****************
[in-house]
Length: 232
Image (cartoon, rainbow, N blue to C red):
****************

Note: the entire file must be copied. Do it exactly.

[in-house]
Length: 232
Image (cartoon, rainbow, N blue to C red):